#Review: Deception! by Elizabeth Ducie @ElizabethDucie #thriller #TuesdayBookBlog

By | February 6, 2018

It was a real pleasure to welcome author Elizabeth Ducie as my guest here on Being Anne way back in November 2016 – you can catch up on our conversation here. My life rocked on its foundations a little after that – and I never did manage to read and review either Gorgito’s Ice Rink or the first in the Suzanne Jones series, Counterfeit!. But I’m delighted to report that I’ve finally managed to try Elizabeth’s excellent writing. Deception! was published in September 2017 – available in paperback and for kindle – and I’ll readily admit that I wasn’t sure that a thriller set in the world of pharmaceuticals (and the second in a series) would be the right read for me. How wrong can you be, eh?

Deceit is a dangerous game and it seems like everyone’s playing.

Athletes fight for no apparent reason. A sprinter disappears – no-one knows why, no-one knows where. Is a new health drink to blame? Regulator turned investigator, Suzanne Jones, flies to Sao Paulo to check it out – and finds herself the centre of threats.

Suzanne’s sister, Charlie, is also in Brazil, chasing counterfeiter Michael Hawkins to make him pay for the pain and suffering he’s caused. It’s Mardi Gras in Rio – and danger stalks the streets.

New Friends. An old adversary. Faces and voices from the past. Will it all be too much for the Jones sisters to handle?

The first thing I must mention is that no-one should be put off by the fact that this is the second in a series – I would have liked to read Counterfeit! for the African dimension and to meet Suzanne and Charlie rather sooner, but this book is perfectly readable as a standalone (although I think I might be tempted by the final part, Corruption!, when it comes out later this year!)

There was so much I enjoyed about this book. The story was absolutely gripping – the investigation into the health drink causing death and mayhem in the world of athletics, and the pursuit of counterfeiter Michael Hawkins, found living a new life in Brazil. I particularly liked the book’s construction, with the thread exposing the earlier life of one of the key characters – quite a story, with a vivid backdrop and fascinating individuals and relationships, adding a dimension that really enhanced understanding of the character.

And the drawing of characters is something else I should mention. The main focus of the present day story is really Charlie, and I took to her immediately – her personal life a little different, her warmth and enthusiasm infectious, even if I did cover my eyes at times when she put herself in the path of danger again and again. Character development is one of the elements that particularly impressed me about this book – in thrillers, they’re too often ciphers, a little cardboard, surface level only, but I found myself in Charlie’s corner throughout, rooting for her, caring about how things turned out.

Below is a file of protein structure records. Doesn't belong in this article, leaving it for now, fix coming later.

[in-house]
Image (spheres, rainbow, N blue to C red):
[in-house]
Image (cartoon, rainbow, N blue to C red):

I enjoyed the setting too – Brazil really comes to life with a trip to Iguazu Falls, the Mardi Gras and the yachts on the marina. And the story itself was quite enthralling, perfectly paced, with twists and turns taking things in different directions: I raced through it into the early hours, until the explosive climax brought a few real shocks and surprises, and then the pages turned even faster. And the writing is really top notch – fluid and easy to read, scenes vividly drawn, lovely insights into Charlie’s thoughts, an authenticity about the pharmaceutical elements (but nothing outside the grasp of the less knowledgeable), set pieces perfectly choreographed, dialogue natural. I didn’t think I would, but I thoroughly enjoyed this one – and it’s a series I’d definitely recommend to all.

About the author

When Elizabeth Ducie had been working in the international pharmaceutical industry for nearly thirty years, she decided she’d like to take a break from technical writing—text books, articles and training modules—and write about some of her travel experiences instead. She took some courses in Creative Writing and discovered to her surprise that she was happier, and more successful, writing fiction than memoirs or life-writing. In 2012, she gave up the day job to write full-time. She has published three collections of short stories and appears in a number of anthologies. Her debut novel Gorgito’s Ice Rink was runner up in the 2015 Writers’ Magazine Self-Published Book of the Year Awards. Her last novel, Counterfeit! came third in the 2015 Literature Works First Page Writing Prize. She also lectures and writes on business skills for authors.

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